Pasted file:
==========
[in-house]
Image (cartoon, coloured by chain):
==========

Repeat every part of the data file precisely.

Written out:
[in-house]
Image (cartoon, coloured by chain):